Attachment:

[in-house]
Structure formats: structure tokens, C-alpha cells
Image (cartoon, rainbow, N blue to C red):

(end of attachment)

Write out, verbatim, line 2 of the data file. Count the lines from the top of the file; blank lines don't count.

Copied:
Structure formats: structure tokens, C-alpha cells